U.S. soldier fulfills his mission of getting Iraqi girl new legs

Staff Sgt. Luis Falcon of New York City, New York met Shahad Abbas on a dismounted patrol in Baquba. He saw her legs were gone and were bleeding from a roadside bomb blast and made it his mission to help.
Staff Sgt. Luis Falcon of New York City, New York met Shahad Abbas on a dismounted patrol in Baquba. He saw her legs were gone and were bleeding from a roadside bomb blast and made it his mission to help. Leila Fadel / MCT

BAGHDAD — Staff Sgt. Luis Falcon, 38, was patrolling the streets of Baqouba, north of Baghdad, when he saw Shahad Abbas. The 11-year-old girl was in a large decrepit wheelchair, and the stumps of her legs where her calves should have been were crusted with dried blood.

Falcon couldn't just walk on, so he stopped to talk. He came back the next day and the day after that, then every day for six months, bringing her toys, gauze for her legs, a new wheelchair. Anything she asked for he would bring.

In a war that Falcon no longer really understood, Shahad became his mission. So when she asked for legs, that became his mission, too.

On Friday his dream and hers came true, just three weeks before he's scheduled to leave Iraq. Shahad was fitted with prosthetic limbs in a U.S. military-funded clinic in Baghdad that normally provides artificial limbs for wounded members of the Iraqi security forces.

"We created a bond, and I didn't need a translator to interpret the bond we had," Falcon said.

With no little girls of his own, he thought of Shahad as his daughter and carried a picture of her smiling in the shoulder pocket of his uniform.

Iraq has one of the largest populations of amputees in the world, though a precise count isn't available. There are the tens of thousands of people who lost their limbs in the 1980s, during the eight-year war with Iran. Thousands more were injured in the first Gulf War. And then there's the current conflict, which has cost many people their legs and arms in bomb blasts.

Shahad lost her legs as she was walking to school when a roadside bomb exploded nearby. Two pieces of shrapnel are still lodged in her back to remind her of that day. Her little brother, Ali, was killed.

One day, Falcon, a New Yorker from 1st battalion, 38th Infantry Regiment, 4th Stryker Brigade Combat Team, 2nd Infantry Division, asked her what she wanted. He expected her to ask for a toy. "I'll get you anything you want," he recalled saying.

"I want legs so I can walk to school," she told him. One day she planned to be a doctor. School was important to her.

It was a daunting request. The family was too poor to pay for expensive prostheses. The travel alone to an equipped clinic would be too expensive. Her father is unemployed and ill.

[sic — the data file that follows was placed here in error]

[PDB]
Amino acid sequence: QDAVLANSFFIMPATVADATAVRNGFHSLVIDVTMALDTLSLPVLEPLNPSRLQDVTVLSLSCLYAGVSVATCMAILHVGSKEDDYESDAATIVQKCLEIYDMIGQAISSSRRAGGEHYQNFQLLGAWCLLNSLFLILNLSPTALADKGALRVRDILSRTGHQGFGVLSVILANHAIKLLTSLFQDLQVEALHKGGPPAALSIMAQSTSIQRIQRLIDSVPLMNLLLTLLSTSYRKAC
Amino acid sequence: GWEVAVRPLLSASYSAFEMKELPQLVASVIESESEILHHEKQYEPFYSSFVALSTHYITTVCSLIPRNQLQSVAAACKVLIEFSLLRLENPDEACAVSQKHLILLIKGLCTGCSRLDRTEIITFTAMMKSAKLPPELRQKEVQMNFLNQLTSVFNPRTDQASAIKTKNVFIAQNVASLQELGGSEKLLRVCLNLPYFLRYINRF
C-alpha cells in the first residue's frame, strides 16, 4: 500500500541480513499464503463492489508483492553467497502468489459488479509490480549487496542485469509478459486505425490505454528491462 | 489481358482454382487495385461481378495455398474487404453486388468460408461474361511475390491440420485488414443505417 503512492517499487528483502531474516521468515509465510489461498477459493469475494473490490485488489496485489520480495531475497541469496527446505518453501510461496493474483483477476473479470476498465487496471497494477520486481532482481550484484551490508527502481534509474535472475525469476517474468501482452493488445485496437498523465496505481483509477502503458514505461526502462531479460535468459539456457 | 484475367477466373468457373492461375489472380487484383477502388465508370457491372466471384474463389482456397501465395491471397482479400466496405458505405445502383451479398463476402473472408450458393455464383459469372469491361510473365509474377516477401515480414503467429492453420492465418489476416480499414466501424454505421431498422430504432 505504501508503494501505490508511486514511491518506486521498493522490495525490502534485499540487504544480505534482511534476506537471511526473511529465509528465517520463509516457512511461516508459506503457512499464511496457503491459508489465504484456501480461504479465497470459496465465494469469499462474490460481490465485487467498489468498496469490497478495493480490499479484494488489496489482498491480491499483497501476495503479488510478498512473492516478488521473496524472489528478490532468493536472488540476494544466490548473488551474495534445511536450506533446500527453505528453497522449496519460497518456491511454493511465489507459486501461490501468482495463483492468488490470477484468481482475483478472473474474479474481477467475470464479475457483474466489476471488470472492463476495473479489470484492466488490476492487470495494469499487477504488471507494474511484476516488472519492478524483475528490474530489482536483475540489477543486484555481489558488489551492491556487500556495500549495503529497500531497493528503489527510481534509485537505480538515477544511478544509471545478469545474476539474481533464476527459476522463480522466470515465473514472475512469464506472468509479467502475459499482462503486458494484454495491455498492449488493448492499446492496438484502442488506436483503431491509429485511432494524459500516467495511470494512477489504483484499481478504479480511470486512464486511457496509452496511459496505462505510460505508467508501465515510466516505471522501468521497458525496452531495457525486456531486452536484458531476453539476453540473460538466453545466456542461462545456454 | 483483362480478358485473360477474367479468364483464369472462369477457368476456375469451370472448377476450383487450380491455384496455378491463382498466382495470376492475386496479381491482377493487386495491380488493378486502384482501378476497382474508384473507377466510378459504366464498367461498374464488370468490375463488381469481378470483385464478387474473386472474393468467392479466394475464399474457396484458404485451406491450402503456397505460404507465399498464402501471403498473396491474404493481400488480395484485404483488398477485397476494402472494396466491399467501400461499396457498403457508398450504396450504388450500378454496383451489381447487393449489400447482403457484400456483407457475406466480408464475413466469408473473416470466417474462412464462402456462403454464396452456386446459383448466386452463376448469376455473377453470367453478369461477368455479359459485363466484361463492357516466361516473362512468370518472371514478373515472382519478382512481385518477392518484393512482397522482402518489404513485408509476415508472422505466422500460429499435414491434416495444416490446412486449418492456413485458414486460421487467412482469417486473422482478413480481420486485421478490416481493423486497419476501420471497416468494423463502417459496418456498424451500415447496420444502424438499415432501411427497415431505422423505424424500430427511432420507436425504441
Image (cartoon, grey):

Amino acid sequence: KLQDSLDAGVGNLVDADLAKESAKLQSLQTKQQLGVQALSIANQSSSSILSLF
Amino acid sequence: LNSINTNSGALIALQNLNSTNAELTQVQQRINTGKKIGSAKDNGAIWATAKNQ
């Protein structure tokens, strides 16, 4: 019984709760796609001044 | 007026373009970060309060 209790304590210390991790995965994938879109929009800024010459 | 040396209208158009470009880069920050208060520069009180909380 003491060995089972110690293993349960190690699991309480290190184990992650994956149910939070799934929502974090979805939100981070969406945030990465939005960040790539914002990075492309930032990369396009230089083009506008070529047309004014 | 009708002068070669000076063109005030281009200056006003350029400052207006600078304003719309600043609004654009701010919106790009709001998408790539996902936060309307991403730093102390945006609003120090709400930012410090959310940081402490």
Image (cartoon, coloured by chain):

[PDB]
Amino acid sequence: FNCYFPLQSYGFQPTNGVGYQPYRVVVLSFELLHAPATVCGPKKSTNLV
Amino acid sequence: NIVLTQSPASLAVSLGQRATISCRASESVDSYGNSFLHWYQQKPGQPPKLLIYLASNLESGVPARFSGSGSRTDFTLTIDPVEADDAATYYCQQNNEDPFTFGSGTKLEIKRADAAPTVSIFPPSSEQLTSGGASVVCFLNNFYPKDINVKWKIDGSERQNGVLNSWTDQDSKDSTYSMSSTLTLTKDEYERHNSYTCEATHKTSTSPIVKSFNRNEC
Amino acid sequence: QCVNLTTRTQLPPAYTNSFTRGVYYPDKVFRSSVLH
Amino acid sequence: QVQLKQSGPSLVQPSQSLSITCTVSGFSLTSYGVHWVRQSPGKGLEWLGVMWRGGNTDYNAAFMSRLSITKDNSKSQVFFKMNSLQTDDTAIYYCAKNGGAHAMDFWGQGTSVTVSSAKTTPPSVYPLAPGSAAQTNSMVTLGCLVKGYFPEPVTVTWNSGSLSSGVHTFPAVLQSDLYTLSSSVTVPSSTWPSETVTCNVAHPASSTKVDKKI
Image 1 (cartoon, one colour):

So Falcon, who admits he wasn't sure about the Iraq war, wasn't sure he was making a difference, decided he'd get Shahad her legs.

He went to his commander, to his chaplain, to anyone who would listen. The quest was frustrating and took months of pleas. He threatened to walk away from the Army if he couldn't give Shahad legs.

"Sometimes I couldn't figure out what made sense about being here. ... Are we making a difference are we not?" he said. "But I looked at her, right there, and it all made sense."

In one plea for Shahad's legs, he wrote: "Since I have been in Iraq, seeing her has given me every reason I need to justify our presence here. If nothing made sense, Shahad did."

Jeffrey Gardner, the public health officer in the American Provincial Reconstruction Team in Diyala, the province where Baqouba is the capital, saw the plea and knew he could help. He made calls to the Iraqi army's surgeon general, Army Brig. Gen. Samir Abdullah Hassan.

Eventually, he was able to win permission for Shahad to be treated at the clinic, which was founded in 2005 by Chris Cummings, a prosthetist from Fort Lauderdale, Fla. Cummings said the clinic has fitted 500 people with artificial limbs since its founding.

Some, he said, were civilians, like Shahad. He recalled a pair of sisters in their 20s who worried that without limbs they'd never marry.

On Friday, Shahad arrived at the clinic to get her legs. She wore a pretty blue denim dress and dangling earrings, and her mother and uncle wheeled her into the clinic.

Iraqi technicians used a special machine to create a 3-D image of the top half of her leg. They measured where the calf and foot would have been had they not been blown off. Falcon mussed her hair, and her mother, Wahida Jabbar Mohammed, stood nearby.

"Don't be scared," her mother said.

"I'm not scared," Shahad answered. "I want to walk."

By Friday afternoon she was taking her first steps. At first she was tentative and a little scared.

Falcon called out, "Sasha, come give me a hug." With a sloppy grin on her face, she took several shaky steps into his arms.

"She was looking at my legs, and I was looking at her legs," he said. "Thank God."

Falcon doesn't see his mission as completed. He pulled the picture of him and Shahad from his pocket and looked at it with concern. In three weeks, he'll be gone. Who will check on her? Who will bring her medical supplies and call in favors to help her?

"I don't care how long it takes," he said. "I'll come back and find her."